The federal government supports these anti-fall efforts through the Safety of Seniors Act (SOS), enacted in 2008 to fund projects, research and education. Sen. Barbara Mikulski, D-Md., one of the bill’s sponsors, called falls among the aging a “serious public health issue.”
Pain, canes and elevators
Loss of balance, weak muscles, impaired vision, medications and hazards in the home are most often blamed for falls.
And recent research has turned up other causes of falls and ways to address them, including:
- Control pain: Chronic or severe pain can lead to falls in part because the body may alter posture and movement to adapt to the pain. “Older people may tend to minimize or dismiss pain,” but they shouldn’t, says Suzanne G. Leveille, professor of nursing at the University of Massachusetts, Boston, and lead author of a November study in the Journal of the American Medical Association. Researchers found that those with severe pain were 77 percent more likely to fall compared with those without pain. Work with your doctor to manage pain and treat the underlying conditions, such as arthritis, that cause the pain.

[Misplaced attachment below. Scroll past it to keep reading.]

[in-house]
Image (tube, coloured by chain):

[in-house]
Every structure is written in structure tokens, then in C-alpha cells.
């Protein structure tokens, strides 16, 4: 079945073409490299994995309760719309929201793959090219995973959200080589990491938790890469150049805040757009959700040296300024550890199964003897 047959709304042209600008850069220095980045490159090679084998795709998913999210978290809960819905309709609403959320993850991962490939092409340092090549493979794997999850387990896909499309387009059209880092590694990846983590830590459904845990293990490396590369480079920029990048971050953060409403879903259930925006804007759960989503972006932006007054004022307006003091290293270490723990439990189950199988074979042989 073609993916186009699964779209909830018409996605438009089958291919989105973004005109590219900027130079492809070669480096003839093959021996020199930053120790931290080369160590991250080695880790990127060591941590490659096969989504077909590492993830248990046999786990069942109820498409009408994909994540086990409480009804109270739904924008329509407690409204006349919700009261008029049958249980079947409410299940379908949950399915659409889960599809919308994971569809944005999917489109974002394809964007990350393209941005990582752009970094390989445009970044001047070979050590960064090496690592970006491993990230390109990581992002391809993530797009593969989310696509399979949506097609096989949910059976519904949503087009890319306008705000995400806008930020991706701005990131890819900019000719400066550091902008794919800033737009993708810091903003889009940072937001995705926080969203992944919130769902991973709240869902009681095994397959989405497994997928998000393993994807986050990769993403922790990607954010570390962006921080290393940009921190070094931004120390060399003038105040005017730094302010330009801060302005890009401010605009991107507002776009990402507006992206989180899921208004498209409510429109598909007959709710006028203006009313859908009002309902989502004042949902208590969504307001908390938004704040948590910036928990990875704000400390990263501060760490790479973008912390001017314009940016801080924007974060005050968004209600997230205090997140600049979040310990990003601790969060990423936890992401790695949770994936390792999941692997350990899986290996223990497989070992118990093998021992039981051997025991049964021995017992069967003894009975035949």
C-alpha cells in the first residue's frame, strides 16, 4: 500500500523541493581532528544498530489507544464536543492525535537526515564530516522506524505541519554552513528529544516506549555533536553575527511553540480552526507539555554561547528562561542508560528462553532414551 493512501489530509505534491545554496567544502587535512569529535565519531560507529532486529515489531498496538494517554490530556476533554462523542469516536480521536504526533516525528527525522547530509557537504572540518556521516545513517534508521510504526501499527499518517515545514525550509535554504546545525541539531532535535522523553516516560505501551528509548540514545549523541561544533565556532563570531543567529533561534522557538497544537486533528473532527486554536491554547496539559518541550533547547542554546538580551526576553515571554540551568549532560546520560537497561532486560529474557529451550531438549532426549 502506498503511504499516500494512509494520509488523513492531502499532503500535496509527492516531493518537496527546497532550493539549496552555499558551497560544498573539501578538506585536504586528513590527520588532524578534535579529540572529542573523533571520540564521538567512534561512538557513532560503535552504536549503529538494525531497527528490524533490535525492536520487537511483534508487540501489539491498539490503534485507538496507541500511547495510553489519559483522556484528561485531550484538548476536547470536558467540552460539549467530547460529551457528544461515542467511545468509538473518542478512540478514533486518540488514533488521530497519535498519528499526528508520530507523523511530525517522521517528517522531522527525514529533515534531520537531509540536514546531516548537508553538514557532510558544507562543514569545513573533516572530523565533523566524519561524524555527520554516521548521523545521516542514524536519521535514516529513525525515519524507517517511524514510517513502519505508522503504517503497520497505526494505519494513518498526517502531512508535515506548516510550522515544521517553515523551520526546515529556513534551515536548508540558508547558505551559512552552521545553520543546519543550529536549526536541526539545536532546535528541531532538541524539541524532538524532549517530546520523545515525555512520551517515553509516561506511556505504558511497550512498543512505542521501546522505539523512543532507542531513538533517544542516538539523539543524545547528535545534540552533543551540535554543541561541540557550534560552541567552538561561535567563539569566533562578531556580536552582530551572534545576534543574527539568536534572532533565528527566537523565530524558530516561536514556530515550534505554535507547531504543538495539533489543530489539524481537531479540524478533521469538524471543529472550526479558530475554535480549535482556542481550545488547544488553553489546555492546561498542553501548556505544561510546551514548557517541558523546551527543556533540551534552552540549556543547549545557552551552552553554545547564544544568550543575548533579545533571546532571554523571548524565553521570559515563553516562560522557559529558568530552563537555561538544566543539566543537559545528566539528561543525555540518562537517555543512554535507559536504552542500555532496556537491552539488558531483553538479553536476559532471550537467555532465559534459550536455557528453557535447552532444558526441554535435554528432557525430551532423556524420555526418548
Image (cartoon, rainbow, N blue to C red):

- Test for inner-ear disorder: An inner-ear disorder called vestibular dysfunction may cause dizziness and affect balance. Your physician can test your balance by asking you to stand with your eyes open and then closed, first on the floor and then on a foam mat.
- Adjust medications: While medications can increase the risk for falls, sedatives and antidepressants may be particularly dangerous, according to an analysis of findings from 22 studies.
- Use canes properly: Improper use of canes and walkers sends 47,000 older people to the emergency room each year. Don’t borrow these devices; have a physical therapist fit you with one and teach you how to use the aid.